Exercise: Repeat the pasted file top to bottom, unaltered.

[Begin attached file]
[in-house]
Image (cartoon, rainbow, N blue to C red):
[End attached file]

[in-house]
Image (cartoon, rainbow, N blue to C red):